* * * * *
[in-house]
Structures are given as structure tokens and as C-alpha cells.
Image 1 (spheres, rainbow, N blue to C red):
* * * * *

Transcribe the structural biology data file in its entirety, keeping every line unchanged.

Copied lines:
[in-house]
Structures are given as structure tokens and as C-alpha cells.
Image 1 (spheres, rainbow, N blue to C red):